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Subject: Re: [boost] Heads up - string_ref landing
From: Beman Dawes (bdawes_at_[hidden])
Date: 2012-11-15 22:13:28

On Thu, Nov 15, 2012 at 3:41 PM, Phil Endecott
<spam_from_boost_dev_at_[hidden]> wrote:
> Marshall Clow wrote:
>> I'm about to check in some new functionality into the string_algo library;
>> an implementation of string_ref.
>> A string_ref is a non-owning reference to a string. It is implemented as a
>> {pointer, length} pair, and is exceedingly useful
>> when parsing, and manipulating strings in "read-only" ways.
> I did something like this once. I called mine const_string_facade - I also
> had a mutable version - and it was a template that took an iterator pair.
> This lets you adapt something like a vector<char> into a string.

basic_string_ref doesn't template its member functions with container
or iterator parameter types, so it can't do something like adapting a
vector<char> or list<char> into a string. A range-like type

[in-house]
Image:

(basic_string_range?) would be better for that, handles iterator types
generically, and also would be able to handle NTCTS more efficiently.
OTOH, operations that require random access iterators can use
basic_string_ref directly, but can't use a basic_string_range type,
which typically only requires input iterators.

> BUT, I think my feeling is that this is actually taking us in the wrong
> direction: my current coding style tries to avoid the "special" features of
> std::string and prefers the things that are common to other containers, and
> std::algorithms.

Yeah, I have some similar misgivings. I'd be happier if
basic_string_ref and basic_string_range were part of the same proposal
so users got in the habit of choosing the approach that is best for
their need.


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